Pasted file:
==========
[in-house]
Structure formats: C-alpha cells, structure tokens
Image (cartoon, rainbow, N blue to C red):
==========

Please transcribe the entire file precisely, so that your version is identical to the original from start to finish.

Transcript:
[in-house]
Structure formats: C-alpha cells, structure tokens
Image (cartoon, rainbow, N blue to C red):